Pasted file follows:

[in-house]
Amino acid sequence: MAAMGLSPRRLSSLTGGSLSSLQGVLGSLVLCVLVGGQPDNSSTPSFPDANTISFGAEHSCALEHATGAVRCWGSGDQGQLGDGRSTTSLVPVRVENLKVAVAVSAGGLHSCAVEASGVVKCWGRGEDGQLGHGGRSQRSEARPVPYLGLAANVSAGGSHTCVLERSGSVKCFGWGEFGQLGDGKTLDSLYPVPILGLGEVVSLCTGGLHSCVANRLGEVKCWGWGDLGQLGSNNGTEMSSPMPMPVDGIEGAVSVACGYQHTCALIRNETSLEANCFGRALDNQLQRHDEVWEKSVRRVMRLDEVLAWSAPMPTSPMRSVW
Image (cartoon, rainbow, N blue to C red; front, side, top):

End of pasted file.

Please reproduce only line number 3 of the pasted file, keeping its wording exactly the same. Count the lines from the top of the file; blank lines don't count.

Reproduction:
Image (cartoon, rainbow, N blue to C red; front, side, top):